|Thin coralline crust
|Cochlear coralline crust
Engrusting algae are red algae in the Family Corallinaceae of the order Corallinales. They are characterized by a thallus that is hard because of calcareous deposits contained within the cell walls. The colors of these algae are most typically pink, or some other shade of red, but some species can be purple, yellow, blue, white or gray-green.
Unattached specimens (maerl, rhodoliths) may form relatively smooth compact balls to warty or fruticose thalli. Many are typically encrusting and rock-like, found in tropical marine waters all over the world.
Encrysting algae plays an important role in the ecology of coral reefs. Sea urchins, parrot fish, limpets (molluscs) and chitons (molluscs) feed on coralline algae.
Encrusting algae are widespread in all of the world's oceans, where they often cover close to 100% of rocky substrata. Many are epiphytic (grow on other algae or marine angiosperms), or epizoic (grow on animals), and some are even parasitic on other corallines.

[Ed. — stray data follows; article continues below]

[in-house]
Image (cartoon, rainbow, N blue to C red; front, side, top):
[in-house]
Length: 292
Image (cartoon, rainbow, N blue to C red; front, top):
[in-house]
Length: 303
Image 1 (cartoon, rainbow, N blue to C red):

Encrusting algae range from a few micrometres to several centimetres thick crusts. They are often very slow growing, and may occur on rock, coral skeletons, shells, other algae or seagrasses.
Crusts may be thin and leafy to thick and strongly adherent. Some are parasitic or partly endophytic on other corallines. Many coralline crusts produce knobby protuberances ranging from a millimetre to several centimetres high. Some are free-living as rhodoliths (rounded, free-living specimens). There are over 1600 described species of nongeniculate coralline algae
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